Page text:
“Your meet me call me, to piet padang.I LIKE YOU.SEE YOU BY.And I LOVE YOU,SORRY.”
It was the night before I left Padang, Sumatra, to return to Jakarta, when I received this sms from “Piet Padang”.
I had met some Australians earlier that trip at the hotel I was staying at. They lived in Padang for half the year to run tourist boats to the Mentawai islands.
They were heading in the same direction as me and offered me a lift to Senggigi Beach, where I was planning to get on a boat to Sikoai island and have some relaxing time alone. We all sat in the back of the ute (Aussie for utility vehicle) and took a ride around the mountains.
The others jumped out at their stop and left me and their driver, Piet, in the ute alone for the five-minute drive from there to the beach.
Within three of those minutes, he asked me for my phone number. Considering he’d just given me a lift, I figured it would be impolite to say no, so I gave it to him.
Over the next three days in Sumatra, he called me around 15 times. I wondered why Indonesian men got so serious about women, especially foreign women, so quickly. And then it hit me: sex. Derr.
The only reason this young man told me he loved me after knowing me for those five minutes was because he thought getting me into bed would be that simple.
This is no isolated incident. Ask any foreign woman living here if she has ever been stalked, and you’ll hear stories of incessant phone calls, men waiting at doorsteps and professions of love.
With these hasty declarations of adoration, which are obvious ploys to get bule (Westerner) women in the sack, a lot of female expats are naturally wary of Indonesian men.
It still seems that sex is something men have to convince women to do. If you, the woman, did choose to have a fling, you could imagine the feeling of triumph in the man’s head of the things he “got you to do”, without even thinking for a second about the things you got him to do.
Every day, I walk down the street and a bunch of local men yell out “Hello Miss”, which is usually followed by roars of laughter. For some reason, just saying hello to a foreign woman is a hilarious, witty remark.
Walking further, I hear a “pss pss pss” in my direction, like I’m some kind of animal whose curiosity would be aroused by the exact same sound every day.
The expat male, however, walks down the street completely unharassed, even though just as many women may look at him with the same lust. A quick look and a giggle among girlfriends is what usually happens, and that’s the end of that. The expat male walks away with dignity.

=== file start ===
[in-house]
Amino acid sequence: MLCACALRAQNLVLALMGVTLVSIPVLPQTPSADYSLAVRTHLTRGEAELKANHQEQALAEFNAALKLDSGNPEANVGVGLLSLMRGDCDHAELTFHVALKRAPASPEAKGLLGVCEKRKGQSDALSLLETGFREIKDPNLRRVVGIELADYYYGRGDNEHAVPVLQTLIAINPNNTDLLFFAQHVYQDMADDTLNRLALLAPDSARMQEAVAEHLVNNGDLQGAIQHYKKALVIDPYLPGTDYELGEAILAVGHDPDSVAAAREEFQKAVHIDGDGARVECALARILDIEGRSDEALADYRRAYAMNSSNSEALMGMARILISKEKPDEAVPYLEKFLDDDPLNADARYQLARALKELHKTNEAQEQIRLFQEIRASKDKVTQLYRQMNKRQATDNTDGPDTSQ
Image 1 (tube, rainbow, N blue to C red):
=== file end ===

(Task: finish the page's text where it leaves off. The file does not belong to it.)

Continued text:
Yet in bars and clubs, where male attention might be more appropriate and welcome, the expat woman becomes invisible to the opposite sex. In this scenario, even I, all 5 foot nothing of me, am often too tall for Indonesian men to approach and often inappropriately boisterous. And I’m sure I’m often not girly enough for many locals’ taste, which seems to be long hair, a face full of make up, tight skimpy tops, short skirts and pair of wedges or stilettos, well, in this situation anyway.
So that narrows the expat woman’s options down to the expat man, and as I look around, I see that most of them are with Indonesian women. Why not? So many of them are beautiful, femininely petite and so interested in “the white man’s money” that they’re subservient when required.
It is such a common sight, as it is in most developing countries, to see rich old white men with young attractive Indonesian women in very unhealthy and imbalanced relationships.
Don’t get me wrong, I have plenty of friends who are in very healthy Indonesian/Western romantic relationships, and I do think it’s possible for a 25-year-old woman to fall in love with a 60-year-old man.
But when I see older bule men with their young Indonesian girlfriends, I feel they’re usually in denial about their age. They come here with the dollar, which buys them whatever they want — wives, mistresses, maids, masseuses, strippers and prostitutes. No wonder so many never go home.